When Not to Self-Publish by Lev Butts
It's no great secret that it is not easy to get published traditionally nowadays. Not that it ever was a walk in the park, but it seems the writing market is particularly glutted today. In fact, as a writer starting out, if you can't show that your work appeals to pretty much everyone on the planet, the chances of seeing your book on the shelves of Barnes & Noble are pretty slim.
For starters, most commercial publishers require that you have an agent to represent you. Most agents require that you have been published before taking you on. This is why so many writers are alcoholics.
Of course it helps if you know people in the publishing industry and are not too proud to ask for a favor, but last I checked, Stephen King, J. K. Rowling, and John Irving are all full-up on friends.
|Pictured: John Irving, J.K. Rowling, Stephen King, |
and No Room For Me
Last week, I received my first rejection from a "real" publisher, and this wasn't even for a work of fiction. It was for the first critical edition of H.P. Lovecraft's work. It would have included six of his most famous stories, two of his poems, and an abrdged version of his essay, Supernatural Horror in Literature. It would also have included new and reprinted essays on Lovecraft as well as reflections by other horror/sci-fi/fantasy writers on how Lovecraft influenced their own writing.
In other news, I have recently given a friend a copy of Emily's Stitches to show his agent later this week. When I told some of my independent publishing students about this, several seemed taken aback that I would "sell out" like that. Similarly, others wondered why I didn't just take my Lovecraft manuscript and self-publish it.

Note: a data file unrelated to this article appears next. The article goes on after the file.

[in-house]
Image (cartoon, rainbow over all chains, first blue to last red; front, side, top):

Here's the thing: Publishing is not an either/or proposition. There is nothing wrong with self-publishing, nor is there anything amiss with traditional publishing. Essentially, publishing is simply the logical step in any artistic endeavor. If you paint or sculpt, it seems only natural that you show your work to people either by through a gallery or through your own efforts. If you are a musician, it is perfectly understandable that you would press a CD of your music and make it available for purchase. Obviously, it's nice if a major record label picks you up, but no one thinks twice if you simply put the money up yourself and release it independently.
Publishing your book is exactly the same thing. Why wouldn't you publish something that you have worked so long on? Before I published Emily's Stitches, most of those pieces had been sitting useless on my hard drive for years. It seems absolutely ludicrous that I would have written those stories and just let them sit unused for over a decade. Self-publishing them meant that at least a handful of other people got to share the stories and appreciate them.
And there is absolutely nothing wrong with that.